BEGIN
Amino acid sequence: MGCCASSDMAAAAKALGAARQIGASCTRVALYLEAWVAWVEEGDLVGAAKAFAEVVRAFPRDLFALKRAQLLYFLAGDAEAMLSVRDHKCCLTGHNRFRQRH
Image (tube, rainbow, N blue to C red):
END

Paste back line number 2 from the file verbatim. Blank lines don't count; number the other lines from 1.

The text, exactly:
Image (tube, rainbow, N blue to C red):